The world’s total resource of magnesite, the main source of magnesia (MgO), is about 13bn tonnes. Six countries host 92% of this, led by China (26%), North Korea (23%), Russia (21%), Slovakia (10%), Australia (7%), and Brazil (5%). 

Magnesia faces some of the same issues of supply and quality as bauxite. The 8m. tpa world production (derived from magnesite) is dominated by China (49%), leading to similar concerns of raw material supply, exports controls, taxes and fees. Other leading producers include Austria, Brazil, Greece, Russia, Slovakia, Spain, and Turkey.

World synthetic magnesia production - derived from seawater and brines - is about 925,000 tpa, from Brazil, Japan, Mexico, the Netherlands, Norway, the Republic of Ireland, Russia, South Korea, and the USA. Refractories is the main market for magnesia (dead burned and fused grades) with 52% share of the market.

Australian magnesia producer Queensland Magnesia Pty Ltd (QMAG) reported that refractory companies are constantly looking to substitute lower-cost raw materials in their formulations.

“Whereas previously many would use high levels of electrofused magnesia in a formulation, now they will look to substitute as much dead burned magnesia as possible to try and reduce cost whilst not compromising performance,” Alan Roughead, QMAG’s managing director, commented to IM .

According to QMAG, high grade dead burned magnesia (DBM) 97% MgO plus with a CaO:SiO2 ratio greater than 2.5 appears to be” increasingly problematic in the long-term given the scarcity of natural resources available”.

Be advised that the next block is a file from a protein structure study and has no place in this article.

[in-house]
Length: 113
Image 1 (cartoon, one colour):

Synthetic producers, which can produce this material, face continuing increases in energy costs and environmental challenges. The same can be said for high grade fused magnesia (FM).

The difference stands with Chinese producers “that are constrained by poor availability of suitable feed material” explained Roughead, managing director. As a consequence, increasing energy prices continue to impact quality, availability and pricing. “Not to mention the issue with export quota availability,” added Roughead.

While bauxite can find alternatives, magnesia remains more problematic. “There are no new alternatives for magnesia. These could potentially be reduced but elimination is not likely,” underlined Roughead.

Fused magnesia can, however, be substituted with high quality DBM in certain application areas, as long as the silicate phases are of high refractoriness and grain density is high.

“A potential alternative to magnesia in steelmaking applications is doloma [calcined dolomite] but this is in quite limited steelmaking application areas where the slag chemistry is compatible with the dolomitic system,” commented Roughead.


World graphite production is 1.13m. tonnes, the main producing countries being China, India, Brazil, and Canada.

The largest market for graphite is the refractories industry with 24% of the market share. But it is expected that demand from the lithium ion (Li-ion) battery market could create the need for additional supply sources in the long term, although the debate continues over natural versus synthetic grades (see Market Monitor p.29).

At present, it is difficult to quantify the amount of raw material which will be needed within the next decade to supply this promising sector. Graphite is the second largest input material by volume used in Li-ion batteries, and it has been estimated that an additional 1m. tonnes graphite will be needed by 2020 , a figure - although controversial - which remains a source of concern for the refractories industry as the battery market would be more lucrative for graphite suppliers compared to the refractories industry.

As reported by IM, it is estimated that whereas flake graphite, the starting product for spherical used in refractories to boost performance, trades for an average of $2,500/tonne, a battery material manufacturer can pay between $8,000-10,000/tonne for spherical grades.